German automaker BMW launches its new-model offensive in earnest today as its redesigned 5-Series cars go on sale in Europe -- a make-or-break product launch that will determine profit for years to come.
The 5-Series, wedged between the smaller, mass-market 3-Series cars and the high-end 7-Series, represented only about 20% of BMW's sales volume last year but contributed 35% to 40% of the automaker's profit.
Georg Stuerzer, auto stocks analyst at HVB Bank in Munich, described the 5-Series as "the backbone of BMW's business."
The 5-Series, last remade in 1995, is the most important new design in BMW's high-stakes attempt to shake up its product line this year and next. The X3 sport utility vehicle and 6-Series luxury coupe will follow this year, with the small 1-Series "baby BMW" to follow in 2004.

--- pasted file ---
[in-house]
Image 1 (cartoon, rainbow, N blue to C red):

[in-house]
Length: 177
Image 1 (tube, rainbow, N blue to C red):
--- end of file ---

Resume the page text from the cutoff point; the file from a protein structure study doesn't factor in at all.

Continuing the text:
Stuerzer said the company's older models were sometimes criticized as too conservative and looking too much alike.
"Now the model differences are much sharper," he said.
He said the 5-Series' technical advances, such as an active steering system that improves handling by adjusting steering response for different speeds, would give the cars an advantage over competitors such as the Mercedes-Benz E-Class from German rival DaimlerChrysler.
The cars go on sale in Britain and the United States in the fall.